Google boss sees sci-fi future

2012-03-05 22:49

Hanover - Google's executive chair Eric Schmidt cast a science-fiction vision of the future as the world's top tech fair opened on Monday, with the German IT sector predicting record sales in 2012.

"Think back to Star Trek, or my favourite the Hitchhikers Guide to the Galaxy. Much of what those writers imagined is now possible," said Schmidt.

"Translating... voice recognition, electronic books. The people who predict that intelligent robots, virtual reality or self-driving cars will soon be commonplace are right," he added.

"Governments will be able to spot the economic makings of a crisis before they happen and doctors will be able to accurately predict the outbreak of disease before anyone feels it," predicted Schmidt.

The tech boss was speaking at the opening ceremony of the CeBIT, the world's biggest high-tech fair in the northern German city of Hanover, with 4 200 exhibitors from 70 countries expected to wow punters with their latest gadgets.

This year, the fair was to focus on the possibilities offered by "cloud computing", the concept of storing data remotely rather than on individual machines, as well as "managing trust", or the hot topic of internet security.

Declaring the fair officially open, Chancellor Angela Merkel returned to this theme of "managing trust", saying it was especially important among world leaders as they battled to solve the global economic crisis.

Dilma Rousseff, the president of Brazil, this year's "partner country" at the CeBIT, expressed the hope that "technology, when put to human interests, can certainly produce a true revolution for the well-being of the people at large."

During the fair, tech giants Samsung, Sharp, Microsoft, Google and Facebook will be showing off the latest ultra-thin tablet computers and the smartphones of the future for work as well as futuristic, weird and wacky gadgets for fun.

Virtual eraser

Among the highlights is a robot that can make your lunch and a car that can change its length to slot into tricky parking spaces.

Others include a virtual "eraser" for wiping out traces of potentially embarrassing mistakes on the internet, a system for protecting smartphones from eavesdropping and a mobile device for asthmatics to assess the air quality.

And in the run-up to the fair, the German IT sector published new forecasts saying it expected to shrug off the eurozone debt crisis and register record sales this year.

IT industry lobby BITKOM said it expected sales growth of 1.6% this year to €151.0bn, pinning its hopes on the futuristic "cloud computing" technology.

If confirmed, this would be a significant improvement on the 0.5% gain seen last year in the sector and the first time sales have topped the €150bn mark.

"The debt crisis in Europe has not been able to touch the German high-tech sector yet. Companies' order books are filled nicely," said Dieter Kempf, the body's president.

"The IT sector is doing much better than the general economy and is therefore acting as a stabilising factor," Kempf told reporters, presenting the new forecasts.

More jobs

The positive trend in the sector should feed through into the labour market, BITKOM added, predicting an additional 10 000 jobs would be created this year.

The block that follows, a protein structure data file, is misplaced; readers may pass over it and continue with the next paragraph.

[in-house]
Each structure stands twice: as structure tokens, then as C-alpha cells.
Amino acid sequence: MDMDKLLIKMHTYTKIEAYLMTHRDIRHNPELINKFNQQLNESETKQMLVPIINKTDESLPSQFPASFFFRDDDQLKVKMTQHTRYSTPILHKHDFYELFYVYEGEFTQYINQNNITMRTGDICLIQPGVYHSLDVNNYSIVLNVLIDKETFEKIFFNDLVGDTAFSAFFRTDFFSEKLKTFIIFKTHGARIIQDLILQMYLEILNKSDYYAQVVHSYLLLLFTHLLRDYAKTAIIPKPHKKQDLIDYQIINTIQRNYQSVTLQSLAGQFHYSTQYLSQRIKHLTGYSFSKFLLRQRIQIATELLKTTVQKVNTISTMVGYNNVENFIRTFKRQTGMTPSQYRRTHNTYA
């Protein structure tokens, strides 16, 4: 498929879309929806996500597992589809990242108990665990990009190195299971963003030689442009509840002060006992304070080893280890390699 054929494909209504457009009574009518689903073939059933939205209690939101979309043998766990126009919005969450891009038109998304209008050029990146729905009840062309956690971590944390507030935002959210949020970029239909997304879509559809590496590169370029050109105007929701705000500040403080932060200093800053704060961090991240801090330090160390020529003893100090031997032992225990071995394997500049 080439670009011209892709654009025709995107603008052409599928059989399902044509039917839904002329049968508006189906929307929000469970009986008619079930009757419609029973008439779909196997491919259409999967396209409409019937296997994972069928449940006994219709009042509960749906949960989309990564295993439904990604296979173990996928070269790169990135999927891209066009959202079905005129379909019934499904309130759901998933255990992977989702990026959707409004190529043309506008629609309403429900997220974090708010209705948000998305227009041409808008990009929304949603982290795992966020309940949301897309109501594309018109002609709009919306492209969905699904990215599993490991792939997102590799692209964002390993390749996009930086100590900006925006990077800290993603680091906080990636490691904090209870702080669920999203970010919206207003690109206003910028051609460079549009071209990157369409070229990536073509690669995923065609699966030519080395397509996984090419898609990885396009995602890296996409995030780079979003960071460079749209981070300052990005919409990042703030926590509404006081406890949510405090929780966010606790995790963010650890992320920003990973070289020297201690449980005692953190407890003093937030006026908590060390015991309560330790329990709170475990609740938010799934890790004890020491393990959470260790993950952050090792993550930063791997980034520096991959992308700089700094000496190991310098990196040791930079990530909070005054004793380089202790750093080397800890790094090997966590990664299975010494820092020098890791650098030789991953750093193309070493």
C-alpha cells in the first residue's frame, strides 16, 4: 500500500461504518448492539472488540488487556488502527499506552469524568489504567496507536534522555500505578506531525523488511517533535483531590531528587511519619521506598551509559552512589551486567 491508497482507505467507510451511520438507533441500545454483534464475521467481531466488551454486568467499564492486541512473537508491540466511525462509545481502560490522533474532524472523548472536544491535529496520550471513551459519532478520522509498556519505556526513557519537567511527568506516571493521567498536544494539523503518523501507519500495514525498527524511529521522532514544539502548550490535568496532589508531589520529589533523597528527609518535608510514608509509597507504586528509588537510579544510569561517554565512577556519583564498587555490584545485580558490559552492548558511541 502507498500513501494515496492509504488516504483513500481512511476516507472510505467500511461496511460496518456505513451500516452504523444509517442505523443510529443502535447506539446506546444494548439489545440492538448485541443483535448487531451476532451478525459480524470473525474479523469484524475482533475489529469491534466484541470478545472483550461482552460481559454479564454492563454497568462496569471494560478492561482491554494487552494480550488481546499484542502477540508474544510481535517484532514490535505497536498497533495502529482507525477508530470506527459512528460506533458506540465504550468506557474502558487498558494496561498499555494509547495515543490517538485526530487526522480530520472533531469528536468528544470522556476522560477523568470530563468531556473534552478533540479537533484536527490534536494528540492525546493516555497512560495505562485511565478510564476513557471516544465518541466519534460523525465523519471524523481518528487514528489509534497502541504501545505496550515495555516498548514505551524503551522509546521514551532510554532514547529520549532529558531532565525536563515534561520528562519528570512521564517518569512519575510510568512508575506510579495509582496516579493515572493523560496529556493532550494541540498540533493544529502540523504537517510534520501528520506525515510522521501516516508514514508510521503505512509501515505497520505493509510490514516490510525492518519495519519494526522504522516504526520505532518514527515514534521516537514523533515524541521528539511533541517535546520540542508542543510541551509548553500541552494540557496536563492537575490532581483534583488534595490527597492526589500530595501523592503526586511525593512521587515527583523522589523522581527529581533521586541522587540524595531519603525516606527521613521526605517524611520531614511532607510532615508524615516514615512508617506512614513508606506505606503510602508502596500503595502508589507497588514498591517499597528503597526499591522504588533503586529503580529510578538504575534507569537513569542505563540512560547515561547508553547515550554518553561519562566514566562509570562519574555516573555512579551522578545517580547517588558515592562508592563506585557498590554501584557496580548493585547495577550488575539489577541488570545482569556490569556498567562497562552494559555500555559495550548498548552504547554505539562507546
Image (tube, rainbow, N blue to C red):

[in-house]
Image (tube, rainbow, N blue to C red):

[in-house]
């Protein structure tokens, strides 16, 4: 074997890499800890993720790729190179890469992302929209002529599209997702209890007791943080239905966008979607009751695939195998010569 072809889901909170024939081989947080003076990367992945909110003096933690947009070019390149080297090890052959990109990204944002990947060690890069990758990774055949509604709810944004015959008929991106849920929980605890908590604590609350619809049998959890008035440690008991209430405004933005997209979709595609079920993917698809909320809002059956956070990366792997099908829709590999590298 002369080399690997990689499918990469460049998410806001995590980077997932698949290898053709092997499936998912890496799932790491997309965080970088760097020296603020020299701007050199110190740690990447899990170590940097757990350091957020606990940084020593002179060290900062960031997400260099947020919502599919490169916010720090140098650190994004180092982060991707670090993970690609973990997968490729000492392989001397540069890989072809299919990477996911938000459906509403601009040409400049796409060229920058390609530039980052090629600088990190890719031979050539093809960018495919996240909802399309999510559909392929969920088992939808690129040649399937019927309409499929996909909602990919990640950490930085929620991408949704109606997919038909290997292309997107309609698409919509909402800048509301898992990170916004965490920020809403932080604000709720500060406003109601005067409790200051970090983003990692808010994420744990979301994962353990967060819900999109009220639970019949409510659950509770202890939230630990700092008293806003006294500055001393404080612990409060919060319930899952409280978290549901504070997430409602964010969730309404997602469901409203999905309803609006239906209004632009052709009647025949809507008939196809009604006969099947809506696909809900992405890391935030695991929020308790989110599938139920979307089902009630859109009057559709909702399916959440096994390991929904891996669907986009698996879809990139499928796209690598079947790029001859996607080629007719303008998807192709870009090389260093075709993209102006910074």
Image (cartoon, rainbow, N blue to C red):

The most meteoric growth was likely to be registered by "cloud computing", which has proved to be a "complete change in the way the sector operates", he said.

This sector was expected to enjoy growth in Germany of 37% per year on average until 2016. This year, the "cloud computing" business was expected to grow by 47% to €5.3bn.

Despite the bullish forecasts, BITKOM said that the IT sector in Europe would under perform other parts of the world.

In China, the sector was expected to grow by 9.7%, in the United States by 3.1%, in the whole 27-nation EU by 1.8% and in Japan by 1.1%.

At a global level, the sector is expected to grow by about four percent this year, according to the BITKOM forecasts.

Read more on:    google  |  eric schmidt  |  germany  |  technology  |  computing

Join the conversation! encourages commentary submitted via MyNews24. Contributions of 200 words or more will be considered for publication.

We reserve editorial discretion to decide what will be published.
Read our comments policy for guidelines on contributions.

linking and moving

2015-04-22 07:36 publishes all comments posted on articles provided that they adhere to our Comments Policy. Should you wish to report a comment for editorial review, please do so by clicking the 'Report Comment' button to the right of each comment.

Comment on this story
Comments have been closed for this article.

Inside News24


Book flights

Compare, Book, Fly

Traffic Alerts

Things are slowly starting to slot into place. There is still some preparation work to be done to help consolidate and ground more

There are new stories on the homepage. Click here to see them.


Create Profile

Creating your profile will enable you to submit photos and stories to get published on News24.

Please provide a username for your profile page:

This username must be unique, cannot be edited and will be used in the URL to your profile page across the entire network.


Location Settings

News24 allows you to edit the display of certain components based on a location. If you wish to personalise the page based on your preferences, please select a location for each component and click "Submit" in order for the changes to take affect.

Facebook Sign-In

Hi News addict,

Join the News24 Community to be involved in breaking the news.

Log in with Facebook to comment and personalise news, weather and listings.